The study showed that three months after the injury, 21.2 percent of head-injured and 16.3 percent of nonhead-injured patients had post-concussion syndrome, while 8.8 percent of head-injured patients met the criteria for PTSD compared with only 2.2 percent of control patients.

Their conclusion was that it is important to differentiate post-concussion syndrome from PTSD because it has important consequences, in terms of treatment, insurance resource allocation and advice provided to patients and their families. They also stressed the importance of considering PTSD in all patients with mild traumatic brain injury who suffer persistent symptoms.

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Botox is FDA-approved only for chronic migraine headaches, however, it is being used “off-label” for other types of headaches as well. We find that frequent episodic migraines, cluster headaches, numular, and cervicogenic (neck-related) headaches improve with Botox. In our practice, post-traumatic headaches also seem to respond to Botox.

A report by neurologists from Stony Brook University describes five patients suffering from post-traumatic headaches, who responded to Botox. These patients sustained a traumatic brain injury and had suffered from post-traumatic headaches for years, despite trials of various prophylactic medications. After treatment with Botox, all of their five patients had greater than 50% improvement of their disability as measured by the MIDAS (MIgraine Disability Assessment Scale) questionnaire.

This is not a surprising observation because in many patients with a traumatic brain injury headaches have migraine features, suggesting similar underlying mechanisms. People with a family history of migraines who sustain a head injury seem to be more likely to develop post-traumatic headaches than those without such family history, which also suggests a link with migraines. Some patients with post-traumatic headaches and especially those with overt whiplash injury (almost all head injuries, to a varying degree, involve a whiplash neck injury) may respond to Botox because Botox relaxes tight muscles. We no longer think that this is the reason Botox helps migraines because there is evidence that in migraines Botox works by blocking sensory nerve endings rather than by relaxing muscles.

Because of the cost, insurance companies are often unwilling to pay for Botox to treat anything but chronic migraines. However, headaches that begin after a head injury and are accompanied by some migraine features can be correctly classified as post-traumatic chronic migraines, thus avoiding difficulties with the insurance companies.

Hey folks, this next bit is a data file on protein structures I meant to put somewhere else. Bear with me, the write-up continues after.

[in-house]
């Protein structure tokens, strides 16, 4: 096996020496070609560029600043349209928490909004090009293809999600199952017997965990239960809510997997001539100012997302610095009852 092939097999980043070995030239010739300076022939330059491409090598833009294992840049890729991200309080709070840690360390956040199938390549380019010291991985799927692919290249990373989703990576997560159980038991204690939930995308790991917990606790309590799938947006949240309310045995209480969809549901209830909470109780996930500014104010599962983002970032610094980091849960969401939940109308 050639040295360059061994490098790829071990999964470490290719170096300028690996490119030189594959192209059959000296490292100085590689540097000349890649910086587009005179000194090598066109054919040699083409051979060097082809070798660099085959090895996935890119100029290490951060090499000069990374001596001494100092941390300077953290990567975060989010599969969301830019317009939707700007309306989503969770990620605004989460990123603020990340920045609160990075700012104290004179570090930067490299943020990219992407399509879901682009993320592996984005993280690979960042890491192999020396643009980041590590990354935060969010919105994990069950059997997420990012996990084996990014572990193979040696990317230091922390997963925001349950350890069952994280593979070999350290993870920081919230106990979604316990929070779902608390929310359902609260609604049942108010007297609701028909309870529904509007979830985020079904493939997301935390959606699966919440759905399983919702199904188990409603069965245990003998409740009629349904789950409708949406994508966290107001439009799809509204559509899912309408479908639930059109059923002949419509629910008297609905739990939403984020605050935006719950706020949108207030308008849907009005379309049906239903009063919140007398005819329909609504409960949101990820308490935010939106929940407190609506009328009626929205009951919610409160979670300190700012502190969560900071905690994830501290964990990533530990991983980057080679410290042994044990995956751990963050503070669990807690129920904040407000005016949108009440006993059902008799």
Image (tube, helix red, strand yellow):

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Acetaminophen is what most obstetricians recommend pregnant women take for their headaches. However, it is not very effective for migraine headaches and it is not as safe as we thought (see my recent post). Fioricet is another drug favored by some obstetrician and it is also not very effective and not very safe.

Sumatriptan (Imitrex) was introduced 20 years ago and the manufacturer has maintained a registry of women who took the drug while pregnant. The final results of this registry were just published in the journal Headache. The registry included 626 women who were exposed to sumatriptan during their pregnancies. They also followed women who took two other migraine drugs, naratriptan (Amerge) and a combination of sumatriptan with naproxen (Treximet). However, there were too few women in those groups to make any conclusions about the drugs’ safety.

As far as sumatriptan, the risk of major birth defects was not increased. The authors also reviewed several other large studies which assessed the risk of taking migraine medications during pregnancy. One of the studies were from the Swedish Medical Birth Register, which included 2257 births following first trimester sumatriptan exposure. No risk was found in this study either.

In summary, pregnant women suffering from severe migraines should be prescribed sumatriptan. Most women respond to an oral form (tablet), but those with very severe attacks should be offered an injection.

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Skipping meals, for some people, is a sure way to get a migraine headache. Even those who do not suffer from migraines can get a headache from not eating breakfast and lunch. However, fasting has remained popular for the treatment of various conditions. Migraine sufferers who suspect that some foods may be triggering their headaches are sometime advised to try an elimination diet. This diet often begins with a fast and then one type of food is introduced at a time to see if it triggers a negative reaction. Anecdotal reports describe relief of migraine headaches with fasting for periods of up to five days. Some programs recommend five-day fasts twice a year, while others are advocating five days each month. A 5:2 diet involves eating a normal amount of calories for five days and the following two days eating 1/4 of that amount. The problem is that some people will have worsening of their headaches in the first day or two. However, most patient reports that after having headaches for a day or two the head becomes very clear.

It is not clear if fasting helps various medical conditions, if indeed it does, which remains an open question. One potential mechanism may involve stem cells. Recent studies suggest that fasting causes proliferation of stem cells. The study was published in the journal Cell Stem Cell. The research was done in mice and showed that prolonged fasting protects against immune system damage and induce immune system regeneration. The researchers speculated that fasting induces stem cells from a dormant state to a state of proliferation.

One of the authors of the study said that “We could not predict that prolonged fasting would have such a remarkable effect in promoting stem cell-based regeneration of the hematopoietic system. When you starve, the system tries to save energy, and one of the things it can do to save energy is to recycle a lot of the immune cells that are not needed, especially those that may be damaged. What we started noticing in both our human work and animal work is that the white blood cell count goes down with prolonged fasting. Then when you re-feed, the blood cells come back. ”

Fasting and induction of stem cells seems to reduce an enzyme which has been linked to aging, tumor progression and cancer. Fasting also protected against toxicity in a small human trial where patients fasted for 72 hours prior to chemotherapy.